When asked what the future holds in the area of technology for bomb squads, Cherry said, "The field is experiencing exponential growth in technologies. X-ray technology is getting better and more precise everyday. Blast mitigation will become better with the introduction of new synthetic fibers and materials. But the greatest trend in the future for bomb work is the human factor.
"Bomb Technicians are more highly educated. The standards at the FBI's Hazardous Devices School at Redstone, Ala., are being raised. The academic standard is higher now than in the past five years, and it's going to get even higher than that in the future."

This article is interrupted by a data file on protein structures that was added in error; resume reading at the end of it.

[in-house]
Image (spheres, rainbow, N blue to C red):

For More Information
Golden Engineering Inc.
Med-Eng Systems Inc.
Sandia National Labs
Sgt. Dave Douglas of the San Diego Police Dept. is a frequent contributor to POLICE Magazine. He graduated from the FBI's Hazardous Devices School in 1994 as a Certified Bomb Technician and served with the joint Fire and Police Bomb Squad.